• Help facilitate Early Career events at the annual ATVB spring conference and the annual networking reception held during Scientific Sessions

Benefits of Participation

  • Become familiar with AHA leadership structure and activities of the council at an early career stage.
  • Develop a credential for career advancement.
ATVB Travel Awards
ATVB Merit Travel Awards encourage and support the efforts of early career investigators in cardiovascular research and encourage participation in ATVB and AHA activities.  The council offers opportunities for travel support to both the AHA's annual Arteriosclerosis, Thrombosis and Vascular Biology Conference each spring and to the AHA's Scientific Sessions each November. These awards help cover the travel expenses for new investigators to attend the scientific conference to present research in oral or poster format and engage in discussion with senior investigators.  Merit awards are granted to the highest-scoring abstracts authored by early career investigators who also apply for these stipends.
ATVB Early Career Investigator Award
The ATVB Early Career Investigator Award recognizes the council’s early career investigator members who are performing high quality research in the fields of arteriosclerosis, thrombosis and vascular biology. Candidates will be considered not only for the quality and relevance of their research being submitted to Scientific Sessions but also for their accomplishments, contributions to their fields and expertise as researchers in general. Five finalists will present their research at Scientific Sessions and a winner will be named at the ATVB Business Meeting and Awards Reception on Nov. 19, 2013.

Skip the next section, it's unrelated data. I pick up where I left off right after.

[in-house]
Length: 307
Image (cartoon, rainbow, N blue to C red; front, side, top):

Early Career Council Awards
 
  • Kenneth M. Brinkhous Young Investigator Prize in Thrombosis
    The Kenneth M. Brinkhous Young Investigator Prize in Thrombosis recognizes outstanding endeavors by new investigators in fundamental and applied research in Thrombosis including the mechanism, detection, treatment, and prevention of thrombotic disorders. 
 
  • Irvine H. Page Young Investigator Research Award
    The Irvine H. Page Young Investigator Research Award is open to new investigators in arteriosclerosis and vascular biology. The award recognizes investigators in the formative years of their careers who have the potential to become future leaders in cardiovascular research. 
 
  • Junior Investigator Award for Women
    The Junior Investigator Award for Women helps recruit and retain women in the field of arteriosclerosis, thrombosis and vascular biology by recognizing excellent research conducted by women.

ATVB Early Career Awardees